from Abstract Comics: The Anthology
Edited by Andrei Molotiu

Fantagraphic Books, 2009


An excerpt from Andrei Molotiu's Introduction to Abstract Comics: The Anthology


Of course, abstract comics can be defined as sequential art consisting exclusively of abstract imagery, and indeed most of the pieces in this volume fit that definition squarely. But the definition also needs to be expanded somewhat, so as also to include those comics that may contain some representational elements, as long as those elements do not cohere into a narrative or even into a unified narrative space; such a definition closely parallels that of “abstract film,” and also has the great virtue of allowing us to file in the category under discussion R. Crumb’s “Abstract Expressionist Ultra Super Modernistic Comics” from 1967 (published in Zap no. 1, and the first piece in this anthology), which not only is the first piece to bring together, at the beginning and end of its title, the words “abstract” and “comics,” but which also, as the briefest of glances can tell us, is one of the crown jewels of the genre.

What does not fit under this definition are comics that tell straightforward stories in captions and speech balloons while abstracting their imagery either into vaguely human shapes, or even into triangles and squares. In such cases, the images are not different in kind, but only in degree, from the cartoony simplification of Carl Barks’ ducks, say. Thus, the use of “abstract” here is specific to the medium of comics, and only partly overlaps with the way it is used in other fine arts. While in painting it applies to the lack of represented objects in favor of an emphasis on form, we can say that in comics it additionally applies to the lack of a narrative excuse to string panels together, in favor of an increased emphasis on the formal elements of comics that, even in the absence of a (verbal) story, can create a feeling of sequential drive, the sheer rhythm of narrative or the rise and fall of a story arc. As this book attempts to be the first to chronicle, over the better part of the last century and with increasing frequency in recent years cartoonists and other artists have played with the possibility of sequential art whose panels contain little to no representational imagery, or that tells no stories other than those resulting from the transformation and interaction of shapes across the layout of a comic page.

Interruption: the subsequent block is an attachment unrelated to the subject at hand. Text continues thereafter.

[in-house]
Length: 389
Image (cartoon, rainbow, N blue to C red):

A selection of contributions to Abstract Comics: The Anthology


BIll Shut, "Scared Art"

James Kochalka, untitled

Janusz Jaworski, untitled

Jason Overby, from "Apophenia"


Jeff Zenick, from "Because"

Mike Getsiv, from "Shapes"

Warren Craghead III, from "Un Caligramme"